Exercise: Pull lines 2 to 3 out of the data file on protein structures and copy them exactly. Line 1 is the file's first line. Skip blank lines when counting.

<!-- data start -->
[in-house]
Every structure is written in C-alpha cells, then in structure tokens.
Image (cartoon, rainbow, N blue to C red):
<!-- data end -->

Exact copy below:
Every structure is written in C-alpha cells, then in structure tokens.
Image (cartoon, rainbow, N blue to C red):